Deep Dive into the Culture and History of Kanagawa


Once the de-facto capital of Japan during the Kamakura period, Kanagawa’s role in Japanese history and culture has always been a momentous one. Discover traditional Japanese cultural and religious customs that have been passed down within Kanagawa through the ages.

Waterfall Meditation at Daijoin Temple

Since ancient times, mountains have been revered around the world as places where spirits, gods, and demons dwell. They are considered the home of ancestral spirits and some even claim these peaks are the axis connecting heaven and earth. Upon entering these deep mountains and valleys, monks can gain spiritual life force through a variety of methods, such as fasting, water training, waterfall training, lantern goma, and fire-walking.

At Daijoin Temple in Odawara City, built around 700 A.D., monks and ascetic practitioners still practice these traditional customs, including the Setsubun no Hiwatari Aragyo (firewalking) and waterfall asceticism, which guests can also experience.

Kashozanmai (fire-walking asceticism)

Kashozanmai, or fire-walking samadhi, is said to be one of the most severe forms of ascetic practice. Walking on the path (of fire) paved with hot coals is said to burn away even the sins we commit daily without knowing and purify our body and soul, thereby bestowing blessings upon us.

Takigyo (Waterfall Training)

Takigyo is an ascetic practice where one enters a waterfall basin and chants sutras while being rained down upon by the waterfall. It is known as a severe spiritual practice in which one immerses oneself entirely in the intensity of the waterfall.

No matter the season, stepping under a waterfall can be described in one phrase: freezing cold. The cold first shocks your system, and all you can think about is how chilly it is. Next comes the uneven pressure of torrents of water hitting your shoulders and the top of your head. As unpleasant as this may sound, these sensations slowly fade away, leaving only the sound of water beating down on your skin and the feeling of your eyes shut tightly against the faint chanting of Buddhist sutras by the Daijoin Temple monks who accompanied you.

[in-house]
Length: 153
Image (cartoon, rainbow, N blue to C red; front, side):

Daijoin Temple is located in Odawara City, Kanagawa Prefecture and is a 10-minute walk from JR Shimosoga Station.

Daijoin Temple: https://trip.pref.kanagawa.jp/destination/daijoin-temple/2018

More than 150 years of tradition: Arai Daruma Store

Walking into Hiratsuka’s Arai Daruma Store is an experience in itself. The shop specializes in Soshu Daruma dolls, Soshu referring to the ancient province of Sagami. These dolls are characterized by their white faces, gold leaf eyelids, and detailed renderings of eyebrows and hairs. Arai Daruma Store features Daruma dolls of all shapes and sizes, including the classic red and white dolls, special zodiac dolls, and bright gold dolls with emphasized details.

Boasting over 150 years of history, the Arai Daruma Store is dedicated to creating handmade versions of these Daruma dolls according to the traditional methods passed down through their family for generations. The current store master, Arai-san, is an artist in every right of the word. Demonstrating his skills to us on an uncompleted Daruma doll, a switch seems to be flipped the moment a brush enters his hands. His bubbly, humble personality gives way to a face blank of expression, eyes focused only on the doll in his hands, as nimble yet firm brushstrokes drag their way across the doll’s face.

“When I'm painting," he says, "two or three hours fly by. I don’t think of anything, I’m not distracted by anything, because there’s no room for failure," says Arai with a broad smile as he describes his masterful craftsmanship.

Daruma dolls are popular as a good-luck talisman that grants all kinds of wishes. Why not find your favorite one at the Arai Daruma Shop?

The Arai Daruma Store is located in Hiratsuka, Kanagawa. It is a 15-minute bus ride from Hiratsuka Station.

Arai Daruma Store: https://trip.pref.kanagawa.jp/destination/arai-daruma-store-daruma-painting-experience/1030

Zen meditation experience at Ganshuji Temple